multiplication, and modulo are always signed in the Z-machine.)

So you're going to get very surprising results with the above code.

I'd store times as a *pair* of numbers, probably hours (0 to 24) and
seconds (0 to 3600). It's safe to jigger the seconds value into
minutes-and-seconds by /60 and %60.

--Z

--

"And Aholibamah bare Jeush, and Jaalam, and Korah: these were the
borogoves..."

Lucian Paul Smith

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Oct 26, 1998, 3:00:00 AM10/26/98
to
Joe Mason (jcm...@uwaterloo.ca) wrote:

: Simple. Make a routine that takes a number (of seconds) and spits it back as
: hours/minutes/seconds. Here's one from a code snippet of mine on GMD:

Also note: The code Joe posted was written for a real-time game, and you
didn't say if that was actually what you wanted in your game. If you want
every move in the game to take (say) a minute (as in Deadline), use the
same logic, but use basic units of one turn==one minute instead.

Here, I'm intrigued. Here's an object you shouldn't put in any room, but
which you can use to figure out the time, all completely untested:

Object clock
with raw_time 0, !Set this to whatever you want the time to be at the
!beginning of the game.
hour [x y;
if (x==0) x=raw_time;
y=x/60;
if (y>12)
{
return self.hour(x-(12*60));
}
return y;
],
minute [x;
if (x==0) x=raw_time;
return (x - ((x/60)*60)); !This assumes stuff about the way
!Infom does arithmetic--anyone know if
!I'm right?
],
display [x;
if (x==0) x=raw_time;
print self.hour(x), ":", self.minute(x);
],
daemon [; self.raw_time++;];

------------
Once you start up the daemon in Initialize, this clock will keep track of
turn-based time throughout the game. It wouldn't be too big a deal to
change the daemon to update the time in real-time mode, either. To use
this to get the real time, just call clock.display(). To get a clock that
was five minutes fast, call clock.display(clock.real_time + 5). To get AM
and PM to work, you'd need to change clock.hour to return values from 1 to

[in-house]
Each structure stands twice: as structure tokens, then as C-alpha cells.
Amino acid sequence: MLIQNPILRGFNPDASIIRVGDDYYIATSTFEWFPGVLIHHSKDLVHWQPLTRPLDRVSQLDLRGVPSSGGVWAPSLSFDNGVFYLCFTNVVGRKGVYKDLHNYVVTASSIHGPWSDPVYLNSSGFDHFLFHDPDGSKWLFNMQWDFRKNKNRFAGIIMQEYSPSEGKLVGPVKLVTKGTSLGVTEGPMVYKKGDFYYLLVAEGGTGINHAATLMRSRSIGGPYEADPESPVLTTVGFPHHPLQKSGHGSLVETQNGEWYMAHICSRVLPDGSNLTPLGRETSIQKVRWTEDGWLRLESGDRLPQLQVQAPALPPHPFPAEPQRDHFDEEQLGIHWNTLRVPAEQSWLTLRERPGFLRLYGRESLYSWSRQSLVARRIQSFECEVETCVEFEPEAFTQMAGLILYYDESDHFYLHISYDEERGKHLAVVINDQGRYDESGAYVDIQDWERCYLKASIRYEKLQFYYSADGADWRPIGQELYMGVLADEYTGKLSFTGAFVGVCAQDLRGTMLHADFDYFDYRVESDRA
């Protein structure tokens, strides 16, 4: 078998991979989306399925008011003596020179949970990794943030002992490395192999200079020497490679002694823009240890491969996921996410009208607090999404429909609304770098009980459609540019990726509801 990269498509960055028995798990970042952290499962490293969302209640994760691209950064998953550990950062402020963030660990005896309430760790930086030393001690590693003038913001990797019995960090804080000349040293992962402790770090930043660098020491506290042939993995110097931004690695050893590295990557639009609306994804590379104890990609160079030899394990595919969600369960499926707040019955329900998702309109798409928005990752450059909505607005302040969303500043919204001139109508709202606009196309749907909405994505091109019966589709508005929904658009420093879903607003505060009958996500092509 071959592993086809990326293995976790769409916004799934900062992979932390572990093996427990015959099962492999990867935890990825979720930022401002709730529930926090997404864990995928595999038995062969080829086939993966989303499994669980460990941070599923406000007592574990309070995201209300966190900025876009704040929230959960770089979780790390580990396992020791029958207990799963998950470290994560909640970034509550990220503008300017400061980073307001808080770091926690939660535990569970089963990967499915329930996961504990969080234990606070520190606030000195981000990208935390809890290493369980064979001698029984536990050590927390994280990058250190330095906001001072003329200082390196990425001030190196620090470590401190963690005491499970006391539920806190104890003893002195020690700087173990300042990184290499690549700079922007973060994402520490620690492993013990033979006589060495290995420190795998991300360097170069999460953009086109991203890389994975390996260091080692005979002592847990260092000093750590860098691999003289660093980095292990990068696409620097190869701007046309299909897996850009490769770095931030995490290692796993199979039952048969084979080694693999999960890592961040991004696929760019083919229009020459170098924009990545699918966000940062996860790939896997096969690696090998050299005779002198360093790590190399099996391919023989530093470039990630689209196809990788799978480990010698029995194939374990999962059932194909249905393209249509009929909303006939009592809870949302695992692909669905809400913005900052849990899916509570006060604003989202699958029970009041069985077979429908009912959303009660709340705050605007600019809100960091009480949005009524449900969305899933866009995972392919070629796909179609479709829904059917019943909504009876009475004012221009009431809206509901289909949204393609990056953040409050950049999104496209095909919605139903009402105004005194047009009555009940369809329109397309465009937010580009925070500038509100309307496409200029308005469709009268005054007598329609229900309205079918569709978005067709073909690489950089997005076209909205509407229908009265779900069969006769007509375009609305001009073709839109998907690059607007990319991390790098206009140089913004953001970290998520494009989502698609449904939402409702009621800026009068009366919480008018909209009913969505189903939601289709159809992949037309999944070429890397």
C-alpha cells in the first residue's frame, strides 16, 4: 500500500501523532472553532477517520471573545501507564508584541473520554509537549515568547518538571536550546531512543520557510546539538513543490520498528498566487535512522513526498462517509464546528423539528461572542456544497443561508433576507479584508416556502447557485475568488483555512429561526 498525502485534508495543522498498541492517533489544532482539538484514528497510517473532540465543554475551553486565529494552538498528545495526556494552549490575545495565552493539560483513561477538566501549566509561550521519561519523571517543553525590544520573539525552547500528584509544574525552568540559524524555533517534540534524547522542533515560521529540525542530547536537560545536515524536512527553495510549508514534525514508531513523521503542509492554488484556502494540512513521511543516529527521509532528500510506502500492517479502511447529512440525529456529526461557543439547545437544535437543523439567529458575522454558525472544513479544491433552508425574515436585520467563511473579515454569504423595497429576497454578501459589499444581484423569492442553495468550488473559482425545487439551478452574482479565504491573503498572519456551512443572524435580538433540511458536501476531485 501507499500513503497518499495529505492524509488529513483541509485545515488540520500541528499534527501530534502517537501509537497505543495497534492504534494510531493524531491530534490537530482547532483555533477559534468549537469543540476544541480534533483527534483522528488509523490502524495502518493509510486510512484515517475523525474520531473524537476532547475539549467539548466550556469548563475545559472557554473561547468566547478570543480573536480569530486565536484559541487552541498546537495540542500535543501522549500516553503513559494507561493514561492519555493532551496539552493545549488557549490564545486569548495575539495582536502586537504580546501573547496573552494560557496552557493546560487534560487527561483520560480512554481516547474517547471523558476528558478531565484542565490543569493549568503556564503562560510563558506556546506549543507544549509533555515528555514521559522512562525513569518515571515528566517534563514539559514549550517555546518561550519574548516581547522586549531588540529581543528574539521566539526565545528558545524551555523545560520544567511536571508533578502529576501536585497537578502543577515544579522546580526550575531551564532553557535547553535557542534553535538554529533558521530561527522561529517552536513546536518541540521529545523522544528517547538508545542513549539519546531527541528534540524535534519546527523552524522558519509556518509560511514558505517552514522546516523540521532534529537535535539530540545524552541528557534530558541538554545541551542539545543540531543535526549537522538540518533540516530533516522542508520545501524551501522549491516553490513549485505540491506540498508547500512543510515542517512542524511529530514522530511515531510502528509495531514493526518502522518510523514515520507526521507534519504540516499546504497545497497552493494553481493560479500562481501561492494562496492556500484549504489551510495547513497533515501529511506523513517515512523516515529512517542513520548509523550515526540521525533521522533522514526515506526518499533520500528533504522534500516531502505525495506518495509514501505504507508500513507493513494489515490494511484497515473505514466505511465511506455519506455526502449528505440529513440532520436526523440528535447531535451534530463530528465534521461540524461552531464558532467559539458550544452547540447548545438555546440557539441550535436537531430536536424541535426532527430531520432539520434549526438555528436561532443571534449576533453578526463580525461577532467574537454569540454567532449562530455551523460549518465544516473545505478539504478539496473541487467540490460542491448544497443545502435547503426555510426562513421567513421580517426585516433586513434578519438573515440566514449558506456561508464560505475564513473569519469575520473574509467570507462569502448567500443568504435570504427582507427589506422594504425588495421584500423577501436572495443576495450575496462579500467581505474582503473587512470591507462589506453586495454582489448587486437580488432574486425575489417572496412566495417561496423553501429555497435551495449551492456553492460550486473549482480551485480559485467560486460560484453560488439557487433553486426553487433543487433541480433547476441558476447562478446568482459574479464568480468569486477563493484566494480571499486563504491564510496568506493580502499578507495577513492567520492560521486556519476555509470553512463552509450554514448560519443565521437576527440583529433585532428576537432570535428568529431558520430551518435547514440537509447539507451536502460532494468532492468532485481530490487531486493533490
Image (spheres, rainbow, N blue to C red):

24, and change the 'display' routine. It might be a good idea for
raw_time to reset itself every 24 hours, too, in case the player is
particularly slow ;-)

Good Luck!

-Lucian


Jonadab the Unsightly One

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Oct 26, 1998, 3:00:00 AM10/26/98
to

: Question #2, which gets into the more fiendish end of my reason

for
: asking this: how do I set some of the clocks *WRONG*? [EG] Because
if
: this is anything like any of the houses I'm familiar with, no two
clocks
: in it will ever be displaying the same time (I can see three from
where
: I'm sitting now, for example: 12:23, 12:24, and 12:26). I vaguely
have
: in mind to complicate a computer-related puzzle by setting its
: clock-display *wildly* wrong.

This can be done. I recommend you have a clock class, and have
every clock inherit from it.

Now, every clock can have its own "off-by" value, which the
clock class checks (and adjusts appropriately) before printing
the time.

--
[Insert hilarious quote here.]

-- jonadab


Schep

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Oct 26, 1998, 3:00:00 AM10/26/98
to
Lucian Paul Smith wrote:
> minute [x;
> if (x==0) x=raw_time;
> return (x - ((x/60)*60)); !This assumes stuff about the way
> !Infom does arithmetic--anyone know if
> !I'm right?
> ],
That should work, yes. But use the modulo operator % (remainder of
integer division, valid for C++ and Inform, many other languages have
something else similar).
That is, (x - ((x/60)*60)) is the same as (x % 60)

--
Schep -----------------------------------------------------
Reply by email should be schepler at pilot dot msu dot edu.
The other automatic one is an anti-spam device.